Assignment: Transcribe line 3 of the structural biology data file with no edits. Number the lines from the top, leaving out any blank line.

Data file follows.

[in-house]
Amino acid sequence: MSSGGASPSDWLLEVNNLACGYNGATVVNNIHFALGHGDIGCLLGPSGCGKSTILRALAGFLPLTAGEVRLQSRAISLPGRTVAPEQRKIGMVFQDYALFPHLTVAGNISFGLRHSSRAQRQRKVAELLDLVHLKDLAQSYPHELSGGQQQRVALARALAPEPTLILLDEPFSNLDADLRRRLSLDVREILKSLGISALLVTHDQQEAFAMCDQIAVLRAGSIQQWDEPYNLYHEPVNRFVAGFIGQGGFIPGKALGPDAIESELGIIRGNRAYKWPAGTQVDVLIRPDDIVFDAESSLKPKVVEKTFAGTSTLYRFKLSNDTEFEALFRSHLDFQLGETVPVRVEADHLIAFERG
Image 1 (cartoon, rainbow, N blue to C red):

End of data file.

Image 1 (cartoon, rainbow, N blue to C red):